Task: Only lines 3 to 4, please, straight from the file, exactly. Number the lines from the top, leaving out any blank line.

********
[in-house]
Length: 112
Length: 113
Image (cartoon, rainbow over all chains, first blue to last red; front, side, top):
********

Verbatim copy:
Length: 113
Image (cartoon, rainbow over all chains, first blue to last red; front, side, top):